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- COVID-19 Resource Guide
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- Your Estate Tax Exemption - Use It or Lose It
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- The Continuing Reopening of New York – An Overview of Relevant New York, CDC, OSHA and EEOC Guidelines
- New York’s Executive Orders 202.8 and 202.28 Should Not Stop Commercial Lease Enforcement, Though New York City Legislation Sets Limitations on Landlords Seeking Recovery From Personal Guarantors for Tenant Defaults
- PPP Loan Forgiveness Application Revised
- COVID 19 Health and Welfare Benefit Plans Update
- The Paycheck Protection Program Flexibility Act
- Main Street Loan Facilities (June 8th Update)
COVID-19 Real Estate and Corporate Q&A
We address common concerns raised by our clients and will post any further updates as we become aware of them.
May I stop paying rent for space occupied by my business?
The answer depends on the terms of your lease but generally the failure to pay rent could trigger a default that may be difficult to remedy.
I signed a contract to buy a business/real property before the virus hit. Can I get out of the deal?
It depends on the terms of your contact. For example, many merger or purchase agreements either may be terminated as a result of, or the closing of the transaction contemplated thereby is often conditioned on there not having occurred, a material adverse effect (“MAE”) on the target’s business, financial condition, results of operations, etc. Delaware courts have found only one case where a target suffered a MAE allowing a buyer to abandon their agreement, as there is a high burden of proof to show that a MAE has occurred (i.e., the impact on the target’s business must be durationally significant, a period that is measured in terms of years rather than months). There are a number of fairly standard exceptions that are customarily negotiated to the MAE definition, as a result of which factors such as general economic and market conditions, natural disasters and terrorist attacks are not considered in determining whether a MAE has arisen, except to the extent there is a disproportionate effect on the target’s business compared to others in the same industry. Recently, we have seen targets seeking to negotiate a pandemic exclusion to the MAE definition – to the extent targets are successful in doing so, a buyer would not be able to take into account the effects of COVID-19 on the target’s business in determining whether a MAE has occurred.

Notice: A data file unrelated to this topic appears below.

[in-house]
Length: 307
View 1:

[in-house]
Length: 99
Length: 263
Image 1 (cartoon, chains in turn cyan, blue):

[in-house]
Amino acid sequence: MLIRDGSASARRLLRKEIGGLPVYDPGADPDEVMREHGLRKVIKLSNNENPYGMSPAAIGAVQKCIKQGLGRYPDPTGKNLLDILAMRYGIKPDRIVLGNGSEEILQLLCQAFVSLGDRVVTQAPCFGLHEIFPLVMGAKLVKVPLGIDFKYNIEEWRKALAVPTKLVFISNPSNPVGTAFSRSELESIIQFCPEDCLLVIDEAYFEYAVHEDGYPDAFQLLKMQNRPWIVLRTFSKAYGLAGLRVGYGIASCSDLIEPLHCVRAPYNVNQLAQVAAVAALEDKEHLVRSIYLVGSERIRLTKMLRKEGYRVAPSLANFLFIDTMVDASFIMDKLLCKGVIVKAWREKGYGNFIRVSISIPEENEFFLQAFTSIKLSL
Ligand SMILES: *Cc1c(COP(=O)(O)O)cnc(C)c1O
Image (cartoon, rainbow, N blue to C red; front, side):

One other potential avenue for buyers to potentially terminate a transaction would be the “continuing operational covenants” contained in the parties’ agreement. These covenants typically obligate a target to conduct its business in the ordinary course between the signing and the closing of the transaction. In the event that a target must significantly reduce or shutter its operations due to COVID-19, it may not be able to comply with this covenant, as a result of which a condition to closing may not be satisfied or a termination event may arise. However, if this covenant is qualified, such that a target must only use its commercially reasonable efforts to continue its business in the ordinary course, or an exception is made for actions required by governmental orders, a breach giving rise to termination may not occur. Each transaction is different and we urge you to consult with one of us. MAE clauses are not typical for real estate transactions so in those cases the purchaser would not have an option to terminate the deal.
Does New York permit documents to be notarized electronically?
By Executive order dated March 19, 2020 electronic notarizations are now permitted. See the order here for the requirements which include a direct video interaction and an electronic transmission of the signed document the day it was signed.